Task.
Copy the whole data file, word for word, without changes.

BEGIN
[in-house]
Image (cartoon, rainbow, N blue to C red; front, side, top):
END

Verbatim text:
[in-house]
Image (cartoon, rainbow, N blue to C red; front, side, top):